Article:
When you don't get interest from investors, it may be because you exaggerate the truth a bit.
The classic mistakes that the people make in their pitches include overstating the problem severity, showing non-paying customers on the logo wall, inflated traction, miscalculating TAM, manipulating graphs to mislead, providing inaccurate or unrealistic revenue projections that aren’t supported by the sales pipeline, and misleading your audience about your team.
Steve Barsh told us how to avoid mistakes in your pitch that lead to a loss of investor confidence and a faster “no” response.
Make sure you’re not exaggerating the problem.
When you’re looking at different types of graphs and data, disclose critical data points. Put things in the footnotes if things seem like they might be a little shady or misunderstood.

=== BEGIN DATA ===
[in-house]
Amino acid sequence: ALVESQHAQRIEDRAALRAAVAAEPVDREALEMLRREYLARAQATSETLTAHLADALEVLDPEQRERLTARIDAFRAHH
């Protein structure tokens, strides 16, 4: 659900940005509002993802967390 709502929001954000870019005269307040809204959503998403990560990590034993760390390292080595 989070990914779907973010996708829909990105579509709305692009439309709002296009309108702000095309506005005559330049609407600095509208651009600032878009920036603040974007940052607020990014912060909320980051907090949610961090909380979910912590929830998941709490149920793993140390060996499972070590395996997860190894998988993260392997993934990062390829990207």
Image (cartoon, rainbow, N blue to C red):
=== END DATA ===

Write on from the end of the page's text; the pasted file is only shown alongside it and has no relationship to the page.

Show traction with your logo wall correctly, list who is the paying customer, list who is on the pipeline, and list who is in a trial.
Calculate your TAM correctly, 80% of startups make it wrong. You will lose a lot of credibilities if you don’t even understand how big your actual market is.
Be honest with your team slide, clearly indicate who’s full-time, who’s part-time, and who’s an advisor.
Make sure that your traction is not artificially inflated. Don’t try the fake traction. It’s a really dangerous thing.
And your sales processes and sales pipeline must support the revenue targets you are stating.
Steve also encourages entrepreneurs to be honest and as transparent as possible to increase their attractiveness to investors.